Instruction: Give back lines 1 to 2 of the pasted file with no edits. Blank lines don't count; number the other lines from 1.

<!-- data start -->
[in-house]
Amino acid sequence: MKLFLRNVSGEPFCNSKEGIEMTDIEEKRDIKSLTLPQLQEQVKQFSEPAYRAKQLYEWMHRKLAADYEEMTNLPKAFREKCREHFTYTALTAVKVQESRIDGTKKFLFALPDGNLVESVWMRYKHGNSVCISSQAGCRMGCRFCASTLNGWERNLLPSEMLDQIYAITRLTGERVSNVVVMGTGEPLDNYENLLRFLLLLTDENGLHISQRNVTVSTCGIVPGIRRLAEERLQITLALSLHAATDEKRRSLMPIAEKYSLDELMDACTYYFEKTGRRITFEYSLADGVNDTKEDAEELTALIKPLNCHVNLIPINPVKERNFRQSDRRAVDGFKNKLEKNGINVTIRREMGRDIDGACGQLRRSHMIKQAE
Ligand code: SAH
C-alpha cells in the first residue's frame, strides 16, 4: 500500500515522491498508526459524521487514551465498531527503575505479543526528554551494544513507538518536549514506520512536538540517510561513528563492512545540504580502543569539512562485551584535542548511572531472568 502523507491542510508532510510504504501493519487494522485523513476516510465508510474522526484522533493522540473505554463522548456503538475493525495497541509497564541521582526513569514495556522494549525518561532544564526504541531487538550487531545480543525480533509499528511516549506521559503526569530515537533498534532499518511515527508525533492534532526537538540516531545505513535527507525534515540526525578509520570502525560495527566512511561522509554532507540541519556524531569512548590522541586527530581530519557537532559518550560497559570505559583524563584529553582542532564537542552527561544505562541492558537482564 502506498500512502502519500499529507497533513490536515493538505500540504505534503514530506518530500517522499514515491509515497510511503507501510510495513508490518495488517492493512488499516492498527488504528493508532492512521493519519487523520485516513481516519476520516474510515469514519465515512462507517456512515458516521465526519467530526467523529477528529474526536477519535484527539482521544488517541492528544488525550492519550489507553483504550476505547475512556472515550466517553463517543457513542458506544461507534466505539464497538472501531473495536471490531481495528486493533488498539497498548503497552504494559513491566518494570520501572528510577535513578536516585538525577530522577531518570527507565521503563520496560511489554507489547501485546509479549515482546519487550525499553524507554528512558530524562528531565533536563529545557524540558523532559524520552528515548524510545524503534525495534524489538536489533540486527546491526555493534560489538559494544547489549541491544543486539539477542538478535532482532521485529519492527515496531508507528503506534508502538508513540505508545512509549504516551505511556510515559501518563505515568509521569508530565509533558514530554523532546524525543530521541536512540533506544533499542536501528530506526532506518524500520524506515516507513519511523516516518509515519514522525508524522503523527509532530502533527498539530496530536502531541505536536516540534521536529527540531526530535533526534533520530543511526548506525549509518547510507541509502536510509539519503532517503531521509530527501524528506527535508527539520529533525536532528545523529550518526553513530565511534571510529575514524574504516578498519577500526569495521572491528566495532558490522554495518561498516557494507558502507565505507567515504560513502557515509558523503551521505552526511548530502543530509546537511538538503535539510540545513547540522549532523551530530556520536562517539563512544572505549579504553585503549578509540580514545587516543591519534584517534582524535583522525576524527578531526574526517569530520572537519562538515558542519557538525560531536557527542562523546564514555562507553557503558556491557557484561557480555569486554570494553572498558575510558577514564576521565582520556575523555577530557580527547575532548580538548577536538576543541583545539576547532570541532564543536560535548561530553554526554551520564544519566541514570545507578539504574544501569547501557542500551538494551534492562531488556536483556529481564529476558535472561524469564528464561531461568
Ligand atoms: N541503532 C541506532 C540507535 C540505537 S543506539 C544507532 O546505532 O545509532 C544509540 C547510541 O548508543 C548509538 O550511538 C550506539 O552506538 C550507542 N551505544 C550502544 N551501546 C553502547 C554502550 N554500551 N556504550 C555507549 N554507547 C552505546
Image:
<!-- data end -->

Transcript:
[in-house]
Amino acid sequence: MKLFLRNVSGEPFCNSKEGIEMTDIEEKRDIKSLTLPQLQEQVKQFSEPAYRAKQLYEWMHRKLAADYEEMTNLPKAFREKCREHFTYTALTAVKVQESRIDGTKKFLFALPDGNLVESVWMRYKHGNSVCISSQAGCRMGCRFCASTLNGWERNLLPSEMLDQIYAITRLTGERVSNVVVMGTGEPLDNYENLLRFLLLLTDENGLHISQRNVTVSTCGIVPGIRRLAEERLQITLALSLHAATDEKRRSLMPIAEKYSLDELMDACTYYFEKTGRRITFEYSLADGVNDTKEDAEELTALIKPLNCHVNLIPINPVKERNFRQSDRRAVDGFKNKLEKNGINVTIRREMGRDIDGACGQLRRSHMIKQAE